Caribbean Tuna Cakes

1 small red onion

1 small green pepper, diced

1/4 cup mayo (olive oil based)

1 1/3 cups whole wheat panko bread crumbs

2 tbsp. Jamaican Jerk Rub

1 can black beans, drained and rinsed

2 cans chunk light tuna (albacore in water), drained

2 tbsp. extra virgin olive oil, divided

fresh lime or lime juice

 

Finely chop onion and bell pepper.  Combine mayonnaise, 1 cup of bread crumbs and jerk rub in small bowl.  Add onion, bell pepper, beans, and tuna to same bowl.  Mix to combine.  Place remaining bread crumbs on plate.  Using hands, form small patties, approx. 1/2 inch thick, with tuna mixture and pack firmly.  Press gently in to bread crumbs to lightly coat outside of each patty.  Mixture will fall apart very easily if pressed or pushed into crumbs, so use caution.  Turn cake over to lightly coat other side.  Heat 1 tbsp. olive oil in pan on stove over medium heat.  Add 1/2 tuna cakes ; cook 2-3 minutes until golden brown, turning once.  Heat remaining oil in pan and repeat with remaining cakes.  Serve warm with lime slices and a extra dash of jerk seasoning on top.

Yield: Approx. 12 cakes

recipe by: Pampered Chef 29 Minutes to Dinner, modified by eatlivefit.net

 

Helpful Hints To Encourage Your Kids To Eat Well All Year

We’ve all seen the trends in our world lately, all of us are struggling to eat healthy and move more, especially our youth.  In my effort to encourage others to do just that, I am always on the hunt for quality information about nutrition.  Sometimes these articles show up in the strangest of places, this one from Consumer Reports.  I love how this author, Karyn Repinski, “keeps it real” with her helpful hints.  I remind clients that one goal should always be to have a healthy relationship with food.  Some of these ideas may sound familiar, but a few may give you a new perspective on your approach as a parent or even in your own eating all year long.

“Ways to Get Kids to Eat Better in 2018: The healthiest foods for toddlers, teens, and all ages in between”

“It’s the rare kid who resolves to eat healthier foods in the New Year, but helping children consume a more nutritious diet is no doubt a goal you strive for year-round.
And for good reason. “Kids are literally built out of the foods they consume, and making sure they get the right nutrients in their diet helps them grow and develop optimally, both physically and psychologically,” says Maxine Siegel, R.D., a CR dietitian. Indeed, new research published in the journal BMC Public Health shows that healthy eating can boost self-esteem and even lessen peer problems, such as being picked on or bullied.
As beneficial as eating right can be for kids, it’s often a struggle for parents. One tip to make it easier—and to help kids develop a healthy relationship with food—is to pick your battles.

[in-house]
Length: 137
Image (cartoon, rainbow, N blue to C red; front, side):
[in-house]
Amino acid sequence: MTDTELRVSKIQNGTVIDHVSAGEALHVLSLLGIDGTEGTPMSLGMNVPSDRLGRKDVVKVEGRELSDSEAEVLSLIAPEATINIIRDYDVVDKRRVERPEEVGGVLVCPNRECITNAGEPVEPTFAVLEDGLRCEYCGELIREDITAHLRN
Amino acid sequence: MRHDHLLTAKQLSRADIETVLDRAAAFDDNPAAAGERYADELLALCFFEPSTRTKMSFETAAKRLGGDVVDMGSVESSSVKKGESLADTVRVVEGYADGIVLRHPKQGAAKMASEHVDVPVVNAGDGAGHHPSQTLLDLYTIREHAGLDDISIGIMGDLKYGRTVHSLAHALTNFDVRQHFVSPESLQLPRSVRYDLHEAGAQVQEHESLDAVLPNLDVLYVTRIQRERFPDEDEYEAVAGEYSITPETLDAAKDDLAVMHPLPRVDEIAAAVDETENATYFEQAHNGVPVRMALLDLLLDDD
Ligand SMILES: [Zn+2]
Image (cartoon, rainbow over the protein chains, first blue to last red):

“Encourage your children to eat well day-to-day, and don’t worry if they have a cookie now and then,” says Amy Keating, R.D., another CR dietitian.
Here are 11 more tips to try for kids of all ages:

Expose Kids to Healthy Foods
When it comes to getting kids to accept and like a healthy food, repeated exposure is key, according to a December 2017 review of 40 studies on how infants and young children develop food preferences, especially for vegetables and fruits.
“There’s a robust evidence base behind this method, so don’t give up,” advises the lead author, Stephanie Anzman-Frasca, Ph.D., a researcher in the department of pediatrics behavioral medicine at the University of Buffalo.
Kids’ eating preferences often change, so even if your children initially refuse to take a bite, they may become more receptive after a few months of seeing these foods on the table. Continue exposing them to a variety of healthy foods even when they’re older. To be effective, healthy eating behavior needs to be reinforced throughout childhood and adolescence.

Avoid Being a Pushy Parent
Your job is to provide a balanced meal; half the plate should be filled with fruits and vegetables, a quarter with healthy carbohydrates, such as whole grains, and another quarter with protein. Your kids’ job is to decide what and how much to eat, says Deborah Salvatore, R.D., a nutritionist at Stony Brook Children’s Hospital in Stony Brook, N.Y.
But parents often push their children to eat all of the food on their plate at a meal, even if they say they’re full. In a University of Minnesota study that investigated the practice, up to 60 percent of parents required their adolescents to clean their plates and restricted eating when they didn’t.
“Force-feeding really messes with a child’s hunger cues, interrupting their ability to listen to their body and know if they’re hungry or full,” Salvatore says.
Plus, studies show that kids react negatively to pressure and often end up disliking the food they feel coerced into eating.

Let Little Kids Play With Their Food
Touching, smelling, and playing with food is a desensitizing technique that allows kids to become comfortable enough to try—and accept—new foods.
“It’s especially effective with picky eaters,” Salvatore says. She also suggests considering a reward jar. Follow the one-bite-and-swallow rule, then provide a nonfood reward when the jar is both halfway and all the way full.

Put Healthy Foods Within Reach
Most kids will reach for the chips if the grapes haven’t been washed or the red peppers need slicing, which is why Keating suggests going the extra mile and preparing fruit and vegetables so they’re ready to be eaten.
“Store them in glass containers that are placed front and center in the refrigerator, so they’re easily accessible,” she says.
Piggyback Vegetables With Other Healthy Foods
According to the Centers for Disease Control and Prevention, kids are eating more fruit but 90 percent still aren’t eating the recommended three daily servings—that’s 2 to 3 cups—of vegetables.